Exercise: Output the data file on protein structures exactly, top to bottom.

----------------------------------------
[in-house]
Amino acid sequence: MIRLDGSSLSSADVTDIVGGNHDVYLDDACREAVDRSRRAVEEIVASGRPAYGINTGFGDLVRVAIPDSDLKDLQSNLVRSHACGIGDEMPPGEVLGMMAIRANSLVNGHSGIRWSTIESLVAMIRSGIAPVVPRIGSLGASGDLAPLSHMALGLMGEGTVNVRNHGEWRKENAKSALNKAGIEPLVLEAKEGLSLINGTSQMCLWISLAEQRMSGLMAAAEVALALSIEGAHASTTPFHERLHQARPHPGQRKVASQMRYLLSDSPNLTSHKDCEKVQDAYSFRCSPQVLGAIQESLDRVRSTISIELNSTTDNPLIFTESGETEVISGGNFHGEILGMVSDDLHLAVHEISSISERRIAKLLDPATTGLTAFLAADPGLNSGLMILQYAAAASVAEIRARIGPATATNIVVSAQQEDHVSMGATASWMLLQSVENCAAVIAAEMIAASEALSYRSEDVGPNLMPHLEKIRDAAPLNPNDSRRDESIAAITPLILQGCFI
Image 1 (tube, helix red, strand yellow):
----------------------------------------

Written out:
[in-house]
Amino acid sequence: MIRLDGSSLSSADVTDIVGGNHDVYLDDACREAVDRSRRAVEEIVASGRPAYGINTGFGDLVRVAIPDSDLKDLQSNLVRSHACGIGDEMPPGEVLGMMAIRANSLVNGHSGIRWSTIESLVAMIRSGIAPVVPRIGSLGASGDLAPLSHMALGLMGEGTVNVRNHGEWRKENAKSALNKAGIEPLVLEAKEGLSLINGTSQMCLWISLAEQRMSGLMAAAEVALALSIEGAHASTTPFHERLHQARPHPGQRKVASQMRYLLSDSPNLTSHKDCEKVQDAYSFRCSPQVLGAIQESLDRVRSTISIELNSTTDNPLIFTESGETEVISGGNFHGEILGMVSDDLHLAVHEISSISERRIAKLLDPATTGLTAFLAADPGLNSGLMILQYAAAASVAEIRARIGPATATNIVVSAQQEDHVSMGATASWMLLQSVENCAAVIAAEMIAASEALSYRSEDVGPNLMPHLEKIRDAAPLNPNDSRRDESIAAITPLILQGCFI
Image 1 (tube, helix red, strand yellow):